Intro to Computer Systems

Chapter 2: System Basics

Legacy Connections

A "legacy" interface is one that is a hangover from a previous generation of computing, which has since been replaced by a newer equivalent. In some cases, however, the legacy interfaces persist in the marketplace for a number of reasons:

Many legacy interfaces are electrically (and mechanically) simple, and this has promoted their longevity: they are not only cheap and easy to implement, but also very easy to build peripherals for.

This computer motherboard has legacy keyboard and mouse (purple and green) and parallel (red) ports.
This computer motherboard has legacy keyboard and mouse (purple and green) and parallel (red) ports.

The three main legacy interfaces that still exist today are those for keyboards and mice, parallel and serial communications.

Keyboard and Mouse Connections

Keyboards and mice are very undemanding from an interface point of view: they don't require much data to be transmitted (low bandwidth), and they don't require a connection with low latency. There are two legacy connections for keyboards; the AT and PS/2 standards.

An AT keyboard connector.   A PS/2 keyboard (or mouse) connector.   A USB connector.
Connectors for an AT keyboard (left), PS/2 keyboard or mouse (centre), and a USB device (right).

the AT standard, in common use from the IBM PC AT in 1984, up until the early 1990s, uses a large 5-pin circular connector known as "DIN-5".

There was an even older keyboard connector, the "XT standard", used on the first IBM PC computers. It uses the same connector as the AT keyboards, but is electrically incompatible. "XT standard" keyboards have long since disappeared.

During the transition from XT to AT systems in the mid-80s, keyboards often had a switch that let them work with both types of computer system.

All these legacy interfaces are cold swappable, and particularly susceptible to electrical damage from hot-swapping. Before the advent of ADB (on Macintosh systems) and the PS/2 mouse port (on IBM PC systems), mice were connected using a standard serial interface, described in detail below.

These interfaces have since been replaced by the USB (Universal Serial Bus) standard.

Parallel Communication

The legacy parallel port was most often used to connect computers to a printer. Parallel ports could also be used to transfer data between computers relatively quickly for the time. At its development peak, parallel ports could deliver data at speeds of up to 4 megabits (million bits) per second.

Being a parallel interface, many (25) wires were needed, resulting in chunky connectors and thick cables that could not span more than a couple of metres.

A parallel printer cable. The wider connector, known as a Centronics plug, connects to the printer.
A parallel printer cable. The wider connector, known as a Centronics plug, connects to the printer.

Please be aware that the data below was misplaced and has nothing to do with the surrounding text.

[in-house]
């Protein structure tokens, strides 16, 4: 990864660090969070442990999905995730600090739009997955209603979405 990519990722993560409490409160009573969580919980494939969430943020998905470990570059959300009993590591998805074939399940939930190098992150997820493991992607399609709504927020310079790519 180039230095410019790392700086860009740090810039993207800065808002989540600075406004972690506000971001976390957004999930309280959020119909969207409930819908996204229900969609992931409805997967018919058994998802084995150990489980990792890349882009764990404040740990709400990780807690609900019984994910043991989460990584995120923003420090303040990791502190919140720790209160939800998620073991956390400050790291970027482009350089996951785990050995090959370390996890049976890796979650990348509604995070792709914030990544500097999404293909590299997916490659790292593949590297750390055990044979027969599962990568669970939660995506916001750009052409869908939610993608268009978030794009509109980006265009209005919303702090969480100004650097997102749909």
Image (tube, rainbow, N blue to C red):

One big advantage of the parallel port was that it is very easy to build electronics for; many enthusiasts were attracted to this ease of development, and created many home-built computer peripherals.

The pinout for a DB25 (25-pin "D" connector) parallel port.

The diagram above is that of a DB25 parallel port, commonly seen on most older PCs (and some modern business and specialty PCs). D0 to D7 are the eight data lines, each with a corresponding ground pin. The strobe signal defines the timing of the parallel signal, and other pins such as ACK (acknowledge) and BUSY (device is busy) are for flow control - making sure data is properly understood, and sent at the right time.

Parallel ports and cables with proper grounding can be hot-swapped relatively safely; however there is no guarantee in the standard that this is so, or that the software running on the computer system will tolerate it gracefully.

Serial Communication

A serial cable.
A serial cable.

The legacy serial port protocol (known as RS-232) has been around since the 1960s. Originally, it was used to connect display terminals to mainframe computers. In the context of desktop computing, it is most commonly used to connect a modem to a computer.

The standard calls for a 25-pin connector similar to that of a parallel port; however many computer systems (and virtually all modern systems) use a more compact 9-pin port.

The standard as used on IBM PCs is rated for speeds of up to 115 kilobits per second. Older Apple Macintosh machines had an enhanced serial port which allowed for faster data transfer (230kbit/sec). This interface was fast enough for a basic networking scheme known as LocalTalk.

The pinout for a DB9 (9-pin "D" connector) serial port.

Above is a diagram of 9-pin serial port. The only three lines that are actually necessary for data transmission are Transmit, Receive, and Ground. The other pins are for flow control, which may or may not be used, depending on the protocol of the communication scheme being used.

Like parallel ports, serial ports and cables with proper grounding can be hot-swapped in relative safety. The same caveats apply with regard to standardisation and software compliance.